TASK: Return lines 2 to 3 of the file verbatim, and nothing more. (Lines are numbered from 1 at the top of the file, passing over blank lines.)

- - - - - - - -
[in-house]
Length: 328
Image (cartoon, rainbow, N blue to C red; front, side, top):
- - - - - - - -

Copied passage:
Length: 328
Image (cartoon, rainbow, N blue to C red; front, side, top):